There are many key considerations which must be taken in to account when proposing a Company Voluntary Arrangement (CVA). It is key to get the figures correct in order that creditors can consider the CVA, and the alternatives, to establish whether they are willing to support the arrangement. Getting the CVA calculation right is therefore of paramount importance. Having a specialist firm throughout the process of proposing the CVA consulting on these points will ensure that everything is covered properly.
The key to a successful CVA is that it works for everyone involved. The arrangement must give creditors a better return than they would receive in an insolvency in order that they do not simply issue winding up petitions. It must also work for the company, there is no point in proposing a CVA which is desirable to the creditors if the company will be unable to fulfil the obligations and therefore subsequently fail. Getting the balance right is therefore key.
The starting position is to work out how much the company can afford if all unsecured creditors are frozen and therefore only current obligations are required to be paid. This will then give a monthly contribution that the company can afford to pay. It is vital that allowance is made for all expenses to be included, including the tax associated with employee wages and VAT as failure to pay these across on time will jeopardise the arrangement.
The next step is to work out what the creditors would receive if the company were to enter in to liquidation (ie taking the sales price of the assets and splitting them up between the creditors, after costs). This is where a professional will be able to assist as these are factors which can often be missed. Employees can now be a key factor. In a forced closedown it would be assumed that all employees would be made redundant. For some companies, particularly those in the service industry, this can be a significant expense, particularly if the company has loyal employees with high levels of years’ service. If you take an example of a company employing ten employees earning £24k each (less than the UK average) with an average of ten years service the redundancy will be in excess of £46k, if these employees are over 41 then this rises to almost £70k. Take this to a larger employee base and you can see how material it can become. Depending on the level of debt the company has this could have a significant impact upon the dividend which would be payable to the creditors.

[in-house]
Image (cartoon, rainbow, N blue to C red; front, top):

Now that the two calculations have been prepared, the next step is to consider whether the company can make any cuts to increase the amount that could be made available to the creditors. The CVA is a good opportunity to consider all costs and whether they are a necessity. Just because the company has always paid something out, it does not mean that it is right. Included in this would be reviewing rates, rents, supplier prices and anything else which has not be reviewed for some time. It may be difficult though to negotiate with some suppliers if they have a historical debt and are being asked for that to be paid over time or an amount written off. Another consideration are the employees. Are there any redundancies that need to be made? If so, this could be the right time to do so.
For many companies the roles of the employees have changed over the years as technological improvements have made some processes more streamlined. For some this could mean that roles previously required in the company are no longer relevant. The cost of making redundancies can be high and when a company is experiencing cash flow difficulties it can become too expensive and not an option. If this is the case, then the CVA could give the company some more breathing space. The employees to be made redundant can be done so and paid through the government scheme, the Redundancy Payments Office. This will ensure that they get their payment within around a month. The government will then wait in the CVA to be paid along with the other creditors. This spreads the cost of the redundancies that the company may otherwise have been unable to afford.
Following the streamlining process the company will now have a cash flow which will show how much extra it is making each month which it can afford to pay in to a CVA. Given that the contributions will be paid over a three to five year period in most cases, it is important that provisions have been made for increases in prices, rents, rates, tax etc as far as they can be estimated. A small general provision must also be made to ensure that the company holds sufficient funds for those unexpected events to ensure that the company is not cash starved.
After all of this work there should now be a CVA calculation which shows how much the creditors will receive in the CVA which needs to be in excess of the amount that they would receive in a forced shutdown. This will then be used to form the basis of the CVA proposals which will be put to creditors to consider. Getting the CVA calculation right at the outset is key to ensure that the proposal is viable and the employees can be a key factor of this.